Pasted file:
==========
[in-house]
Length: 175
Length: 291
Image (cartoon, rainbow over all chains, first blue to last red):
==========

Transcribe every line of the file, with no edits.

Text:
[in-house]
Length: 175
Length: 291
Image (cartoon, rainbow over all chains, first blue to last red):